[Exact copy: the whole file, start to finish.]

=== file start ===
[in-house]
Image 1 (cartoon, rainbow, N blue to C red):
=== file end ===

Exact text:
[in-house]
Image 1 (cartoon, rainbow, N blue to C red):